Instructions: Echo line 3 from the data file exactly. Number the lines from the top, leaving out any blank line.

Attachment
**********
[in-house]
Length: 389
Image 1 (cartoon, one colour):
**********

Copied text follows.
Image 1 (cartoon, one colour):